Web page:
In United States v. Grostefon, 12 M.J. 431 (C.M.A. 1982), and United States v. Quigley, 35 M.J. 345 (C.M.A. 1992), the court set out a procedure to follow when an Appellant wants to raise and issue, but appellate counsel do not think it has merit for briefing.
During my time as deputy director at Navy Appellate Defense we did an informal study of Grostefon issues and found that the appellate court would from time to time find error and sometimes grant meaningful relief.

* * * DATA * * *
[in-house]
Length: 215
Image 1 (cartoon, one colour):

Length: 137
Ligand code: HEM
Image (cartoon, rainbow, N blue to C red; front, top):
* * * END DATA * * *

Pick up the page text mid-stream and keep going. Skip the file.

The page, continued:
So when you begin reading United States v. McIntosh, ARMY 20120780 (A. Ct. Crim. App. 29 ay 2014), a Grosty case, you wonder what’s in store – the usual – some may say yes.
Appellant asserted that the prosecution failed to prove his possession of CP was prejudicial to good order and discipline. The ACCA agreed. But, in the typical pyrrhic way, the ACCA affirmed the finding based on sufficient evidence of service discredit, and affirmed the sentence.